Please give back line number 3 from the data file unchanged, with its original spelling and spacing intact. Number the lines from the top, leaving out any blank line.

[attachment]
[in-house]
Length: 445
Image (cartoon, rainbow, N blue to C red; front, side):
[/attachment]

Image (cartoon, rainbow, N blue to C red; front, side):